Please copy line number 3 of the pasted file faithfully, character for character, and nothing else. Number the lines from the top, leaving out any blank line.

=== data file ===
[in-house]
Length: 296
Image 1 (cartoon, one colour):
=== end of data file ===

Image 1 (cartoon, one colour):